But to Logan, it wasn’t Billy Crumb, it was THE GIANT! “Back off, Giant!” yelled Logan. “These aren’t accidents. These are rocks,” he said as he took one out of his pocket. “And it will be no accident when one hits you on the head.”

“Ooh, I’m so scared,” chided Billy. “You’re such a dork.”

“Don’t call me a dork,” said Logan.

“Logan is a dork, Logan is a dork!” sang Billy.

“Don’t, or I’ll throw this at you,” said Logan cranking the rock behind him.

“Logan-Pogean is a dorkey-workey who still wears a diaper!”

Logan grew so angry that he hurled that rock right at Billy’s head. CRACK! Went the rock and Billy fell hard to the ground. “Oww!” he cried.

Logan felt bad as soon as he did it. “Oh no,” he said. “I’m busted.”

“You’re busted,” Dad said that night. “Why did you throw a rock at Billy’s head?” he asked as he came into Logan’s room. Logan was sitting on his bed, his head in his hands. He had been watching the clock, dreading his dad coming home. “Why did you do it?” Dad asked again.

“I was trying to be like David when he beat Goliath,” said Logan. “Just like you read to me from the Bible.”

“David wasn’t a bully,” said Dad.

“So why did he throw the rock at Goliath?” asked Logan.

“Because Goliath was making fun of God, and tormenting God’s people. David had a good reason to do what he did.”

“But Billy Crumb was making fun of me,” complained Logan. “Wasn’t that a good reason to throw a rock at him?”

“No. If someone is making fun of you, you just walk away. Or do something nice for them. Do you remember when Jesus was made fun of before He was nailed to the cross?”

“Kind of.”

“He was. The Roman guards made fun of Him, and they even spat on Him. But He didn’t throw any rocks at them, or hit them or yell at them.”

“What did He do?”

“He prayed for them,” said Dad. “He didn’t beat them up, even though He could have. He was much stronger than the guards. But He knew that He was doing it for you and me and all of God’s children. He was protecting us from Satan. Just like David was protecting God’s children from Goliath. Besides, God was on David’s side. You don’t think that one little stone could have really killed a giant without God’s help, do you?”

“No, I guess not,” said Logan, thinking about this. “Otherwise, Billy Crumb probably would have died.”

“And I certainly wouldn’t want to make that phone call to his parents.”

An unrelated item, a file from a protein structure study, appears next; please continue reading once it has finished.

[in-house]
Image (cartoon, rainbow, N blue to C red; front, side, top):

“Am I grounded?” asked Logan.

“For a real long time. No TV, no comics, no Wii for two weeks. You can NEVER throw a rock, or your fist at anyone.”

“Even if I know God is on my side?”

“I don’t think you’ll ever have to protect God’s people from a dangerous bad guy. If you did, then yes, God would have you fight for them. But as far as neighborhood bullies go, God would want you to speak kind words or do something nice for them instead.”

Logan went to bed that night with a lot on his mind. He thought that fighting someone sounded so much cooler than being nice. Either way, he knew he would have to apologize to Billy, and that would be hard. But it would be the right thing to do.

He found Billy the next day. He had a big bandage on his head where his rock had hit him. “I’m sorry I hit you with my rock,” said Logan.

Billy didn’t answer him. He just sort of scowled and walked away. Logan just stood there, wondering why he wouldn’t accept his apology.

But just as he was about to walk back to his yard, he heard another bully teasing Billy about the bandage on his head. “What happened Billy? Did you get a boo-boo? Do you need Mommy to kiss it and make it all better for you?”

“Stop it,” said Billy.

But the bully kept teasing him. “Billy the baby. Billy the baby!”

Just then, Logan knew what his dad was talking about. This was his chance to be like David, because David was protecting other people from Goliath. This was Logan’s chance to protect Billy from the bully.

“Stop it!” said Logan, standing between Billy and the bigger bully. “Billy asked you to stop picking on him.”

“Yeah? And what are you going to do about it?” asked the bully.

Not having thought it through, Logan stuttered and stammered saying, “Er, um, I, uh…” but then he got an idea. “If you stop picking on Billy I’ll give you my cookies at school tomorrow.” he suggested.

The bully was confused. “What?”

“Leave Billy alone and I’ll give you my cookies tomorrow.”

“Fine, whatever,” said the bully. And he shoved Logan down then walked away.

“Thanks,” said Billy, helping Logan up. “Why did you do that for me?”

“It’s what Jesus would have done,” said Logan.

“Who?” asked Billy.

“Jesus. Someone who did the same thing for me. Only, He gave a lot more than just a few cookies. He gave His life.”

“You’re making that up, aren’t you?” asked Billy.

“Nope. Not one word. It’s all true. Hey, do you want to go play a game in my backyard?”

“Sure. What do you want to play?”

“I don’t know. We can hunt giants, I guess. I’ll tell you all about one that lived a long time ago.”

Questions for your kids:

1. In the beginning of the story, Dad says, “David couldn’t have killed Goliath without God’s help.” How did God help David kill Goliath?

2. Was it right of Logan to think that Billy Crumb was just as bad as Goliath? What made Goliath worse than Billy Crumb?

3. David and Logan both threw a rock at their bully’s head, but what makes them different?

4. Why would being nice to someone stop them from being mean? Will it always work? Did it work for Jesus?